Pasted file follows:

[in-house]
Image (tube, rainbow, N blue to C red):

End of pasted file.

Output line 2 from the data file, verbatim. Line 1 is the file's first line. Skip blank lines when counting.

Image (tube, rainbow, N blue to C red):